Kidney pad, Cook pot carrier, and Hi Point 995 Redball satchel

Sewed up a few things over the last few days;

First up, a narrow kidney pad (not waist belt) for the WW2 rucksack frame being used on a much newer, unknown manufacturer custom rucksack that is basically a copy of the WW2 Mountain Rucksack;, and then a cook pot/pan carrier that attaches to the rucksack via the M1910 wire hook. Lastly, I sewed up a simple black 500D Cordura satchel for 5 Redball 20rd magazines and 6 10 round Hi Point 995 magazines, with velcro patch panel, 1.5″ center release buckle, 1.5″ shoulder strap. The magazines are retained by 3″ elastic webbing

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Kidney pad, made with 500D Cordura, 3/8″ Closed cell foam, 1.5″ webbing, 2 D rings, a tension strap

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Close up of tension system using a plastic cam buckle

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Another view of the tension system, lifted from the ALICE rucksack system

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Cook system carrier, 3″ elastic band for the perimeter, 2″ black strap for M1910 hook, 1″ buckle strap with center open buckle

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view of the closure system

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The back of the carrier, showing how it all ties together to maintain positive retention of cook pots

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Showing how the carrier attaches to the rucksack via a M1910 wire hook on the grommeted tabs

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995 carbine magazine bag, made for a customer.

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Interior shot of the magazine bag

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The back of the magazine bag, You can clearly see the diagonals for the Redball magazines on the bottom half of the bag.

Redid the A-tacs tent fly closure

I redid the A-Tacs pyramid tent’s fly/door closure, so that there is an overlap to keep inclement weather out. I used US Military herringbone patterned 1″ binding tape with button holes cut and sealed with a lighter, it may look slightly crude, due to not having a buttonhole attachment and proper zig zag stitch Fashion Disc for my old Singer 328K machine…but it works pretty good… Easiest to open and close from the inside, although it closes OK from the outside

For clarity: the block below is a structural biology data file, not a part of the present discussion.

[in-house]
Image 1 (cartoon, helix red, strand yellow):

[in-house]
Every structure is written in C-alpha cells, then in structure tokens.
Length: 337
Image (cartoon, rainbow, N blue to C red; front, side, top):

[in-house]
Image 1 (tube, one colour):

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3-quarter view in direct sunlight; there’s a slight slack on the sides, but it could be made taut by using the back pull out to another pole or to a tree, or to a ridge line.

 

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Another 3 quarter view, mostly in shade.

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Side view, please excuse the reflective glare; It shows how the crossed poles are leaning forward instead of being vertical.

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Head on to the closed door; The way I set the whole thing up, I staked the back corners and the center door tie down first, then raised the tent with the poles, then staked the last corners down… it might have been better to do the door corners and doors first before the rear corners…. I may add a couple center panel pull outs to the sides if I feel it is necessary.

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With one door out of the way, and other door staked down. There is room enough for 2 skinny people in there, or one person with equipment.